Although there are some exceptions to the registration requirement (e.g., small purchases, certain classified contracts), government contractors should view CCR as their passport to procurement. Initial registration in the CCR database means that the contractor has inputted all mandatory information into its profile, including the Data Universal Numbering System (DUNS) number, or the DUNS+4 number if the contractor has specified alternative Electronic Funds Transfer (EFT) accounts. Tribes that register tribally-chartered corporations and "section 17" corporations on CCR should not list a state of incorporation, but should indicate their company’s corporate form as "other."




The Tribal Advocate Speaks with Joe Diamond, Director, Air Force OSDBU

The Tribal Advocate recently had the pleasure of speaking with Joseph G. Diamond, Director of the U.S. Air Force’s Office of Small and Disadvantaged Business Utilization at the Pentagon concerning the Air Force’s Small Business Native American Initiative.

TA: Can you tell us how the Air Force’s Small Business Native American Initiative came into being?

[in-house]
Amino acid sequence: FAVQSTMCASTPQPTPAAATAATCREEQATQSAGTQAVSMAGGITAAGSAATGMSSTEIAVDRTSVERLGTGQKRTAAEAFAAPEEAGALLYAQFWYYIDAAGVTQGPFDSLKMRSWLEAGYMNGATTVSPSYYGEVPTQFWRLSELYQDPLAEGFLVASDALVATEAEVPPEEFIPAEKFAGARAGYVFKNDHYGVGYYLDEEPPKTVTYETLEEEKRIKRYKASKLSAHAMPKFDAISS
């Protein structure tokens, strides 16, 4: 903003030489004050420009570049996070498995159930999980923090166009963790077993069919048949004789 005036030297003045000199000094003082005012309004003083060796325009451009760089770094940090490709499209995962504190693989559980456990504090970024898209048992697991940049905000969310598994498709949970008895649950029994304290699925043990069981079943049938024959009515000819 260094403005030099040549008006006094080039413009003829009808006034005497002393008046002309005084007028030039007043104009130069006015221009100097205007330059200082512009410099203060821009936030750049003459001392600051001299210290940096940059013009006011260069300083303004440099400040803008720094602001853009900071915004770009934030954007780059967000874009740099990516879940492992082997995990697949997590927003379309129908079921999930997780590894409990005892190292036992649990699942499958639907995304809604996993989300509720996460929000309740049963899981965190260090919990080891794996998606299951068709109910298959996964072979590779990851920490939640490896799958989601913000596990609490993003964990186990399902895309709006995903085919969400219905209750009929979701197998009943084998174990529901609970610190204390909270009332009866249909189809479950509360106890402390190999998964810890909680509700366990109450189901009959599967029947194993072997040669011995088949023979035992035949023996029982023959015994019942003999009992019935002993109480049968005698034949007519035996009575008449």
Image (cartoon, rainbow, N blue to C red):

Mr. Diamond: In 1997, we recognized that high unemployment on many of the reservations limited Native Americans’ opportunities to participate in government contracting. My predecessor, Tony DeLuca, established the Native American initiative in two states: Montana and Wyoming. After the first year, about $122 million was attributed to Native American firms on contract with the Air Force. When I came on board, we looked for ways to expand the initiative. After analyzing the capabilities, we expanded it to include five additional states - Washington, California, Florida, Oklahoma and Texas. We focused our outreach events in those specific areas and, in time, added an Action Office, with Dr. Patricia Luna as Program Manager. She was responsible for establishing an infrastructure with our major Air Command directors of small business to get the word out to Native American small businesses about what they need to know to contract with the government. Over the past years, we have been measuring that performance and are very happy to say that at the end of last year we had over $790 million in prime contract awards to Native American firms. With the infrastructure in place at every Air Force installation and our small business specialists aware of our special emphasis categories, such as women-owned businesses or historically underutilized businesses, the Native American initiative is a continuing effort to search out and focus attention on prime contract awards to Native American firms.